Constitutional Coding

Screenshot of Google's new project "Constitute"

Screenshot of Google's new project "Constitute"

 Last week, Google launched what might be its most ambitious and far-reaching service in years. The tech giant whose servers and engineers help us navigate the internet (Google Search), manage email (Gmail), engage in social media (Google +), and whose mobile operating system (Android) powers most of the world's smartphones has decided to tackle, of all things, constitution writing. This new initiative, called simply “Constitute”, seeks to “arm drafters with a better tool for constitution design and writing”, according to a post on Google's official blog.

Constitution-making is often a closed, secretive exercise. It is the antithesis of the contemporary global “internet culture” that is based on open standards, general access, and collaboration. Google believes that by casting light on this process and sharing its findings with everyone, anywhere, newly-formed governments can draft better constitutions, and those citizens living under an existing constitutional regime can become better informed about the system that governs them.

Writing a constitution is a monumental endeavor, and any missteps along the way can have disastrous results. Egypt and Syria are but two recent examples of how quickly this process can go wrong: both have two of the world's newest constitutions (December and February of 2012, respectively), and both have suffered from tremendous political unrest and instability in the last two years.

“Constitutionalism” is a process, not an outcome; it represents the accumulation of political, social, and cultural experiences codified into a legal document. For centuries, however, the belief has been that these experiences must be local — that is, a product of the state or nation for which the constitution is being drafted. Constitution-writers, say, in Egypt could look to other successful constitutions (and what qualifies as “success” is subject to active debate) for ideas on how to word specific clauses, but the understanding is that the core of the text is purely “Egyptian”. The last thing Egyptian constitutionalists would want is a document that is Western-influenced or in any way an inorganic product of the Egyptian experience — or so many constitutional scholars would have us believe.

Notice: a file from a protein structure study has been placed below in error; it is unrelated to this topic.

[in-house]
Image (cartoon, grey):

Enter Google. What “Constitute” represents is the open-sourcing of constitutionalism. No longer would politicians, lawyers, jurists, and laypersons convene to draft a constitution in isolation, shut-out from the rich traditions and experiences of the world's other constitutional regimes. Using Constitute, Egyptians, Syrians, or any other group looking to write a new constitution would have access to every constitutional provision in existence on the topic of journalistic freedom, rights of religious minorities, or degree of judicial review power, to name but three. By extension, the public can also become part of the constitution-making process: requiring no more than access to an internet browser (and assuming said access is not restricted or otherwise censored — a big assumption, I admit), anyone can cross-reference a proposed amendment against what is already out there in other states. Does your government claim that its new constitution is the most progressive when it comes to the rights of women in marital disputes? Look it up and see how it compares to what the French enjoy, or the Chinese, or Bolivians. If you don't like what you see, you can call them out on it.

Google's endeavor takes us one step closer towards collaborative constitutionalism, a process of constitution-making based on a shared, open “code” that anyone can contribute to, borrow from, and use. The technology that powers the global information exchange is not proprietary, and everyone has benefited as a result. It is time that constitutionalism moved in the same direction.